Look heavenwards on the evening of January 20th to enjoy one of nature’s celestial wonders: the total eclipse of the moon.
Fred Espenak of NASA has prepared a press release on his website, which announces that “a total eclipse of the Moon will be visible from all of North and South America including the USA and Canada. The event will also be visible from western Europe on the morning of January 21.”
What is a total eclipse of the moon? It is when the Moon is plunged into total darkness by the shadow of the Earth. It occurs when Earth passes on its orbit between the Sun and the Moon such that Earth’s shadow completely prevents sunlight from illuminating the Moon.
Explains Espenak, “An eclipse of the Moon can only take place at full moon, and only if the Moon passes through some portion of the Earth’s shadow. The shadow is actually composed of two cone-shaped components, one inside the other. The outer or penumbral shadow is a zone where some portion of the Sun’s rays are blocked. In contrast, the inner or umbral shadow is a region devoid of all direct sunlight.”
Espenak tells us that total lunar eclipse events “are quite striking for the vibrant range of colors the Moon can take on during totality.” That is the term describing the total eclipse, when the moon is completely in Earth’s shadow.
But why are there colors?
Espenak explains that the Earth blocks all direct sunlight from the Moon, but that some light does filter through.
“While the Moon remains completely within Earth’s umbral shadow, indirect sunlight still manages to reach and illuminate it. However, this sunlight must first pass deep through the Earth’s atmosphere, which filters out most of the blue colored light. The remaining light is a deep red or orange in color and is much dimmer than pure white sunlight. The Earth’s atmosphere also bends or refracts some of this light so that a small fraction of it can reach and illuminate the Moon.”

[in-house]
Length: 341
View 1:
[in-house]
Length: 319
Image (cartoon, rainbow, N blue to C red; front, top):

The scientist and author continues, noting that “the total phase of a lunar eclipse is so interesting and beautiful precisely because of the filtering and refracting effect of Earth’s atmosphere. If the Earth had no atmosphere, then the Moon would be completely black during a total eclipse. Instead, the Moon can take on a range of colors from dark brown and red to bright orange and yellow. The exact appearance depends on how much dust and clouds are present in Earth’s atmosphere. Total eclipses tend to be very dark after major volcanic eruptions since these events dump large amounts of volcanic ash into Earth’s atmosphere. During the total lunar eclipse of December 1992, dust from Mount Pinatubo rendered the Moon nearly invisible.”
Total eclipses actually pass through three phases. When the Earth is just starting to block sunlight from reaching the Moon, a penumbral eclipse (too difficult for us to see with our naked eyes) occurs. Then, as the Earth’s shadow grows over the face of the Moon, the penumbral eclipse turns into a partial eclipse.
Then the total eclipse occurs, when the Moon is totally covered by Earth’s shadow. This phase is followed by the partial and last, penumbral eclipse.
This Thursday’s total lunar eclipse will take three and a half hours from start to finish.
Says Espenak; “The partial eclipse begins as the Moon’s eastern edge slowly moves into the Earth’s umbral shadow. During the partial phases, it takes just over an hour for the Moon’s orbital motion to carry it entirely within the Earth’s dark umbra. Since no major volcanic eruptions have taken place recently, the Moon will probably take on a vivid red or orange color during the 77 minute long total phase. After the total phase ends, it is once again followed by a partial eclipse as the Moon gradually leaves the umbral shadow.”
Of course, depending on where you live, and what time zone you are in, the eclipse will occur at different times. Here in Eastern Standard Time, the partial eclipse will begin at 10:01; the total eclipse will begin at 11:05 p.m. with mid-eclipse at 11:44 p.m. The total eclipse ends at 12:22 a.m. on January 21, and the last partial eclipse ends at 01:25 a.m., January 21.
Eric and I are hoping for a clear night on Thursday. If there is, it ought to be a dandy night to head out and peer heavenwards.
Why not have an “eclipse party” and celebrate this beautiful phenomenon with friends.
Find Espenak’s home page at http://sunearth.gsfc.nasa.gov/eclipse/SEextra/TLE2000Jan20.html.
Are your feeders clean & full of black sunflower seed, Niger seed and suet? We are enjoying large flocks of blue jays, evening grosbeaks, red polls, siskins, chickadees… and so far, a solitary pine grosbeak (the raspberry-purple members of this family). Do you have any interesting bird sightings to report?
Katharine Fletcher is a freelance writer living near Quyon, where she enjoys the night sky. Contact her at firstname.lastname@example.org